This report, which is part of the National Consortium for the Study of Terrorism and Responses to Terrorism (START) project, aims to improve understanding of the characteristics of bias crime and offenders in the United States, based on the collection and analysis of data on a national sample of 966 adult offenders who committed hate crime in the United States from 1990 through 2018.
The database analyzed is named “The Bias Incidents and Actors Study” (BIAS). BIAS includes data on offenders who perpetrated violent and nonviolent crimes motivated by bias based on 1) race, ethnicity, or ancestry; 2) religion; 3) sexual orientation, gender, or gender identity; 4) disability; or 5) age. BIAS has just over 80 variable fields that cover the characteristics of an offender. The variables include demographic traits, education and employment histories, criminal records, peer associations, and hate-group affiliations. BIAS also contains details on the nature of the offenders’ crimes, such as whether they were violent or nonviolent, spontaneous or premeditated, perpetrated alone or with groups, or while under the influence of drugs or alcohol. Based on BIAS data analysis, this report focuses discussion on four conclusions: 1) there is considerable diversity in the behaviors, experiences, and characteristics of hate-crime offenders in the United States; 2) offender characteristics vary significantly, depending on the nature of their prejudicial views; 3) there are a number of factors that distinguish violent hate-crime offenders from those who commit less severe crimes; and 4) common offender typologies often do not capture the complexity of the motivations for committing hate crimes. The overall conclusion of this analysis of BIAS data is that the tools, policies, and programs implemented to monitor and rehabilitate hate crime offenders must be flexible and address risks that vary in a heterogenous population. 8 tables, 2 figures, and 70 references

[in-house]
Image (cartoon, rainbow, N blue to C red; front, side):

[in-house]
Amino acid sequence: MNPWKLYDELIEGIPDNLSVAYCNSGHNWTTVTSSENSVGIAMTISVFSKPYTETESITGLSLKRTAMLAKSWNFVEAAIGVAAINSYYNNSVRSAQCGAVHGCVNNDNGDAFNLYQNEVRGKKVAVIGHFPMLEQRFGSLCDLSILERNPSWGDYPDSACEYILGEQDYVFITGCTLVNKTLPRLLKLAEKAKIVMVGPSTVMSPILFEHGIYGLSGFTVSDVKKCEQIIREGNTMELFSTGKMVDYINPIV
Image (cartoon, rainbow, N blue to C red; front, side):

- Understanding Desistance from Crime (From Crime and Justice: A Review of Research, Volume 28, P 1-69, 2001, Michael Tonry, ed. -- See NCJ-192542)
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